Pillowcases aim to comfort survivors of Newtown, Conn., shooting

Personally sewn, fun-fabric children’s pillowcases like these were sent from northwest Ohio and all over the world in hopes of bring-ing smiles to the children who survived the Sandy Hook shooting.
Personally sewn, fun-fabric children’s pillowcases like these were sent from northwest Ohio and all over the world in hopes of bring-ing smiles to the children who survived the Sandy Hook shooting.

PORT CLINTON — It’s a seemingly small gesture, really.

A place to rest your head, close your eyes and go to sleep.

But for the small survivors of the shooting massacre at Sandy Hook Elementary School in Newtown, Conn., a personally decorated pillowcase portrays the dreams they have already had, and perhaps is a place to dream of better days to come than the ones so recently behind them.

In a request that was responded to worldwide — including from here in northwest Ohio — a quilting store owner on the outskirts of Newtown watched in amazement as volunteers banded together at her request for 600 decorative pillowcases for the children who survived, sending not just the hundreds, but more than 9,000.

“It’s a little thing, but they have been very excited with them,” Becky Frazer, owner of Quilter’s Corner in New Milford, Conn., said of the children receiving the pillowcases. “It gives them a minute of peace.”

Linda Peiffer of Catawba Island Township near Port Clinton is the northwest Ohio chapter coordinator of ConKerr Cancer, an international organization that makes decorative pillows for cancer-stricken children in hospitals.

The local chapter has more than 100 volunteers in Ottawa, Wood, and Lucas counties and beyond, and the majority of the 2,400 pillowcases they have sewn since the group organized a year ago have been distributed to ill children at Toledo Children’s Hospital and at Mercy Children’s Hospital.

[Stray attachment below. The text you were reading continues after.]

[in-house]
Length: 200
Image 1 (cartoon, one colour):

But when Mrs. Peiffer saw the request from Connecticut, she packed up 60 pillowcases sewn with holiday themes, sports memorabilia, Disney characters, princesses, peace signs, and penguins, and shipped them to the shop.

At least one of those pillowcases went to a little boy who attended Sandy Hook Elementary and survived the shooting. His father responded to Mrs. Peiffer via email after his son brought the pillowcase home.

“As soon as he came in from school, he pulled out the pillow case, which was covered with small orange basketballs, ran to his room, brought down his pillow and promptly replaced the plain dull white one with his new snazzy case. He loves it.

“Thank you very much for the thoughts and efforts, we appreciate them more than you know. The outpouring of support for our children has been amazing and heartwarming.

“Again, thank you for all that you do to bring a smile to the rest of the world.

“Warmest Regards,

“A Happier Student’s Dad”

For Mrs. Peiffer, it was an email that lit up the world.

“It really made my day,” she said. “I passed it on to my volunteers — they are the ones that make this happen.”